World Assistance for Cambodia/Japan Relief for Cambodia continues to look for sponsors to help build more schools and classrooms in Cambodia for villages that currently lack a school. The cost to build a classroom with all the furniture and toilets for boys and girls is $15,000.  An entire school building is between three to five classrooms ($45,000 to $75,000.)  Once we have received the full funding, we begin construction. School construction takes approximately three to six months from start to completion. However, there is sometimes a delay in the construction depending on the season and location.


4. How are locations selected?

Since the beginning of our Rural Schools Project, we choose a site for each new school in areas of greatest need at the time.   We work with the Cambodian Ministry of Education that conducts an annual whole nation survey to determine where those areas are. Our schools are in villages that are very remote and lack a school in the near vicinity.


5.  What types of schools can be built?

Schools are three- to five-room brick and concrete buildings.  The first 290 schools built were primary schools (grades 1 to 6), while new schools are currently lower secondary (grades 7 to 9). All of our schools are officially approved and managed by the Ministry of Education.


6. Who maintains the school?

All of our schools are official Cambodian state schools. The government maintains the building and pays for state teachers. All of the improvement features that we have listed – such as adding a computer/English program, a vegetable garden, or a school nurse – are managed and maintained by World Assistance for Cambodia/Japan Relief for Cambodia staff through the generosity of our donors.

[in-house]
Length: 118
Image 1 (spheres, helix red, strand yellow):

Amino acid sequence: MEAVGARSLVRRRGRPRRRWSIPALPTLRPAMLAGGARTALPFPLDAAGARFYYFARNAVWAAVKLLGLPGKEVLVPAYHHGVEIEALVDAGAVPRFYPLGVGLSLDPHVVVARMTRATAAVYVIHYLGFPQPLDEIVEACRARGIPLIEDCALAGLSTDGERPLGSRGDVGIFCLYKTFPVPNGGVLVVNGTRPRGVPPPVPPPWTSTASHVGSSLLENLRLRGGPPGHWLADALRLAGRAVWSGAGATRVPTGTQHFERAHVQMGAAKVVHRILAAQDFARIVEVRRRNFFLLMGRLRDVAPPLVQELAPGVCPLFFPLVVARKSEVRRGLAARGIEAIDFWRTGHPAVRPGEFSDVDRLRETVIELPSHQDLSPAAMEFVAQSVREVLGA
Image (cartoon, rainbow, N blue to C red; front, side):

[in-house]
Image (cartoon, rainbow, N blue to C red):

7. What curriculum do the schools follow?

The English and computer classes are managed by World Assistance for Cambodia/Japan Relief for Cambodia. All other curricula are determined by the Cambodian Ministry of Education.


8. How many students attend a typical school?

Schools typically hold 200 to 400 students. Some schools are built on the same facility as a separate school, such as a primary school sharing a campus with a secondary school.


9. How are school teachers paid?

There are two types of teachers: World Assistance for Cambodia/Japan Relief for Cambodia full-time English/computer teachers and state teachers. World Assistance for Cambodia/Japan Relief for Cambodia full-time teachers are recruited out of university or our orphanage, trained by World Assistance for Cambodia/Japan Relief for Cambodia and fully employed by World Assistance for Cambodia/Japan Relief for Cambodia. State teachers are employed by the government.